Dennis WELL DONE. Whilst I went to "Good Schools" starting at the age of 8 and straight into 4th class, and then onto a high grade Sydney Collage where I consistently failed, ad was blamed and ridiculed for not doing my work. I should have gone to your school Congrats on your story -
John Campbell | 25 November 2016

Dennis is refreshingly, honestly accurate in his assessment of Remote Ed. Had the great honor of seeing Dennis work with remote Students. Can't remember if DI had been introduced at the time but he is an excellent Teacher and should be listened to with respect to his knowledge of the real situation in ED.Now with DI in select schools remote NT schools, I've seen individual children walking to class reading books out loud for the Joy of it......I first worked remote on an in 1976....DI is the first system I've seen work....Kate Jones should escape the prejudice of her department and rejoice in the success of DI. YES Prejudice failed dept. jealousy. Thanks Dennis. Nev.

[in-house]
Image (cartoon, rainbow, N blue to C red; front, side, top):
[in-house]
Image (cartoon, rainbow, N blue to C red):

Neville Canning | 27 November 2016

Thanks Dennis. As a remote teacher myself, I hear you very deeply.
Anthony | 27 November 2016

A great article. I know the power of DI but personal reports like this warm my heart. Congratulations.
Pam | 29 November 2016

This is one of the more powerful and elegant articles on this subject that I have had the opportunity to read in my 35 years working with Direct Instruction. How education has gotten so far off the mark will always be a great mystery, a tragedy. No world class performer in any field has not known the small steps and incessant practice--hard work-- that it takes to achieve excellence. Thanks for writing this article..
Jim Cowardin | 29 November 2016

Cogently argued and brilliantly expressed
Claude Neumann | 01 December 2016